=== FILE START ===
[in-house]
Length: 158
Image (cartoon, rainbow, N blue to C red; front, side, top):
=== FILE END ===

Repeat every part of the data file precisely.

[in-house]
Length: 158
Image (cartoon, rainbow, N blue to C red; front, side, top):